Ad fraud is a persistent problem that, according to the IAB, costs the industry $8.2 billion a year in the U.S. While ad fraud is found in various forms, from a publisher’s vantage there are two main problems: One is fraudulent copies of sites that are created, and whose advertising inventory is then presented on programmatic platforms as coming from the original publisher sites. To add insult to injury, most of the traffic on these fraudulent sites is from bots. The other is non-human traffic on legitimate publisher sites from bots scraping the sites, attempting to insert comment links, or coming through content recommendation systems in an attempt to defraud them.

Read the full Q&A with Purch CTO John Potter on Digital Content Network to find out how Purch is battling ad fraud.

facebooktwittergoogle_plusredditpinterestlinkedintumblrmail

By Phil Barrett

Ad blocking has forced the publishing industry to rethink its reliance on advertising, and several digital publishers have incorporated ecommerce and affiliate links as a way to diversify their revenue streams. Now, those same ecommerce links, previously considered immune to ad blockers, are the “latest unlikely casualty of ad blocking,” according to a recent article from Digiday.

While Purch’s ecommerce or facilitated ecommerce links haven’t been tangibly impacted, ad blocking – and this particular type – is forcing all publishers to rethink monetization strategy and user experience.

The Digiday article quotes Sean Blanchfield, CEO of PageFair, a startup that sells anti-ad blocking tech to publishers as stating, “There are no privacy or usability implications to e-commerce attribution; it is a simple practice that helps websites get paid for honest recommendations of products….it causes unnecessary financial damage to thousands of independent websites.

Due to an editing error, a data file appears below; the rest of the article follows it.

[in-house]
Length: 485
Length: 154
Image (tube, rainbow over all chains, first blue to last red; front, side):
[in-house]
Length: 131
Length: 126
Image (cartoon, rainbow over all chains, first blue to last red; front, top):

There is a valid point here. The impetus behind ad blocking was to prevent disruption and irrelevant noise on a page so the user could focus on the content. Yet, unlike most ads, ecommerce links are often directly correlated to the content provided on the page – and in the best cases enhance the user’s experience. Ad blockers have gone too far with targeting these ecommerce links, but this doesn’t mean digital publishers should panic. It means they should pivot – diversifying even further and providing additional value to users.

Read the full article here: https://digitalcontentnext.org/blog/2016/02/09/moving-past-the-ad-blocking-arms-race-and-back-to-the-consumer/#sthash.u8RGUljG.dpuf

facebooktwittergoogle_plusredditpinterestlinkedintumblrmail

Contact Us

Follow our easy step-by-step guide and we will contact you personally.

  • Advertising
    & Editorial
  • Business
    Development
  • Licensing
    & Reprints
  • Careers
  • Press
    Inquiries